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Cefmetazole for bacteremia caused by ESBL-producing enterobacteriaceae comparing with carbapenems

Overview of attention for article published in BMC Infectious Diseases, August 2016
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About this Attention Score

  • In the top 25% of all research outputs scored by Altmetric
  • High Attention Score compared to outputs of the same age (89th percentile)

Mentioned by

26 tweeters


32 Dimensions

Readers on

101 Mendeley
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Cefmetazole for bacteremia caused by ESBL-producing enterobacteriaceae comparing with carbapenems
Published in
BMC Infectious Diseases, August 2016
DOI 10.1186/s12879-016-1770-1
Pubmed ID

Takahiko Fukuchi, Kentaro Iwata, Saori Kobayashi, Tatsuya Nakamura, Goh Ohji


ESBL (Extended spectrum beta-lactamase) producing enterobacteriaceae are challenging organisms with little treatment options. Carbapenems are frequently used, but the emergence of carbapenem resistant enterobacteriaceae is a concerning issue, which may hinder the use of carbapenems. Although cephamycins such as cefoxitin, cefmetazole or cefotetan are effective against ESBL-producers in vitro, there are few clinical data demonstrating effects against bacteremia caused by these organisms. We performed a retrospective observational study on cases of bacteremia caused by ESBL-producers to investigate the efficacy of cefmetazole compared with carbapenems. We also evaluated whether the trend of antibiotic choice changed over years. Sixty-nine patients (male 34, age 69.2 ± 14.4), including two relapse cases, were reviewed for this analysis. The most common causative organisms were Escherichia coli (64, 93 %), followed by Klebsiella pneumoniae and K. oxytoca (2 each, 4 %). The group that received carbapenem therapy (43, 62 %) had increased severity in the Pittsburgh Bacteremic score than the group that received cefmetazole therapy, (1.5 ± 1.5 vs 2.5 ± 2.1, p = 0.048), while analysis of other factors didn't reveal any statistical differences. Five patients in the carbapenem group and one patient in the cefmetazole group died during the observation period (p = 0.24). CTX-M-9 were predominant in this series (59 %). Infectious disease physicians initially recommended carbapenems at the beginning of the current research period, which gradually changed over time favoring the use of cefmetazole instead (p = 0.002). Cefmetazole may be safely given to patients with bacteremia caused by ESBL-producers as a definitive therapy, if one can select out relatively stable patients.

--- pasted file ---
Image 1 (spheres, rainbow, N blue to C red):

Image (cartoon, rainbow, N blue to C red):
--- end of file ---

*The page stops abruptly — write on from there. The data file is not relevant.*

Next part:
Twitter Demographics

The data shown below were collected from the profiles of 26 tweeters who shared this research output. Click here to find out more about how the information was compiled.

Mendeley readers

The data shown below were compiled from readership statistics for 101 Mendeley readers of this research output. Click here to see the associated Mendeley record.

Geographical breakdown

Country Count As %
Japan 1 <1%
Unknown 100 99%

Demographic breakdown

Readers by professional status Count As %
Other 29 29%
Researcher 16 16%
Student > Ph. D. Student 7 7%
Student > Master 6 6%
Student > Postgraduate 6 6%
Other 14 14%
Unknown 23 23%
Readers by discipline Count As %
Medicine and Dentistry 50 50%
Immunology and Microbiology 5 5%
Pharmacology, Toxicology and Pharmaceutical Science 5 5%
Agricultural and Biological Sciences 3 3%
Business, Management and Accounting 2 2%
Other 7 7%
Unknown 29 29%

Attention Score in Context

This research output has an Altmetric Attention Score of 18. This is our high-level measure of the quality and quantity of online attention that it has received. This Attention Score, as well as the ranking and number of research outputs shown below, was calculated when the research output was last mentioned on 12 October 2018.
All research outputs
of 19,268,016 outputs
Outputs from BMC Infectious Diseases
of 6,741 outputs
Outputs of similar age
of 275,232 outputs
Outputs of similar age from BMC Infectious Diseases
of 1 outputs
Altmetric has tracked 19,268,016 research outputs across all sources so far. Compared to these this one has done particularly well and is in the 92nd percentile: it's in the top 10% of all research outputs ever tracked by Altmetric.
So far Altmetric has tracked 6,741 research outputs from this source. They typically receive more attention than average, with a mean Attention Score of 8.6. This one has done particularly well, scoring higher than 94% of its peers.
Older research outputs will score higher simply because they've had more time to accumulate mentions. To account for age we can compare this Altmetric Attention Score to the 275,232 tracked outputs that were published within six weeks on either side of this one in any source. This one has done well, scoring higher than 89% of its contemporaries.
We're also able to compare this research output to 1 others from the same source and published within six weeks on either side of this one. This one has scored higher than all of them